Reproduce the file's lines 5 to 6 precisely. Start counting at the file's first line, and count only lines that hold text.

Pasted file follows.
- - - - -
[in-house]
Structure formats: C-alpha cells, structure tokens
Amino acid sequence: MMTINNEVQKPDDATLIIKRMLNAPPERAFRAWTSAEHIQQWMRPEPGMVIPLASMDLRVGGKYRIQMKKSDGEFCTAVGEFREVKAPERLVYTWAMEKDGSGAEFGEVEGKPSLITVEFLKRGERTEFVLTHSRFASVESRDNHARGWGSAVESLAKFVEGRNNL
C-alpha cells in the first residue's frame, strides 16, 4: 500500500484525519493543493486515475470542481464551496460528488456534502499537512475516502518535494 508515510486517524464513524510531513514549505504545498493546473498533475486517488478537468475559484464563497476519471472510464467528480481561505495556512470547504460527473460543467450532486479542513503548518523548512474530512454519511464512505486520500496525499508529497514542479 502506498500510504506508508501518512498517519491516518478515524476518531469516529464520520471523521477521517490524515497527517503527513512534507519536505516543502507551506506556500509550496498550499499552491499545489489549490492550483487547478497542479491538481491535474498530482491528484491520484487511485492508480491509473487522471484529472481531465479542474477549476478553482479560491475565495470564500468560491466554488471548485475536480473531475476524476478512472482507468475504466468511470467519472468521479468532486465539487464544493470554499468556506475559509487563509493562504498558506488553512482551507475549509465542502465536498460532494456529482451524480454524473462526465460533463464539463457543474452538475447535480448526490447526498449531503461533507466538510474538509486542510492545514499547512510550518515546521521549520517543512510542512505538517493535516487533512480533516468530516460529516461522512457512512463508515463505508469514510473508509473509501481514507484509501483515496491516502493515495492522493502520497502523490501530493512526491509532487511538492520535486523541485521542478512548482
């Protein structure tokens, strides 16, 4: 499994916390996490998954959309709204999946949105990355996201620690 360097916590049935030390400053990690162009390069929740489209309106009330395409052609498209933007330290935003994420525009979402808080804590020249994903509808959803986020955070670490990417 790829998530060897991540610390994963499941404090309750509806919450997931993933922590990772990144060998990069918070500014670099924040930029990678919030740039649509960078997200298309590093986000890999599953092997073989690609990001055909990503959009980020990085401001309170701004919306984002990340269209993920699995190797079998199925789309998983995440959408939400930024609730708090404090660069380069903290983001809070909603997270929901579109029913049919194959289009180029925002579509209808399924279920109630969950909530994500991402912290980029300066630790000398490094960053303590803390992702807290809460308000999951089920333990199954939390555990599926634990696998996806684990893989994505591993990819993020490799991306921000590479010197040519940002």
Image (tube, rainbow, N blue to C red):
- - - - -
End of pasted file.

């Protein structure tokens, strides 16, 4: 499994916390996490998954959309709204999946949105990355996201620690 360097916590049935030390400053990690162009390069929740489209309106009330395409052609498209933007330290935003994420525009979402808080804590020249994903509808959803986020955070670490990417 790829998530060897991540610390994963499941404090309750509806919450997931993933922590990772990144060998990069918070500014670099924040930029990678919030740039649509960078997200298309590093986000890999599953092997073989690609990001055909990503959009980020990085401001309170701004919306984002990340269209993920699995190797079998199925789309998983995440959408939400930024609730708090404090660069380069903290983001809070909603997270929901579109029913049919194959289009180029925002579509209808399924279920109630969950909530994500991402912290980029300066630790000398490094960053303590803390992702807290809460308000999951089920333990199954939390555990599926634990696998996806684990893989994505591993990819993020490799991306921000590479010197040519940002």
Image (tube, rainbow, N blue to C red):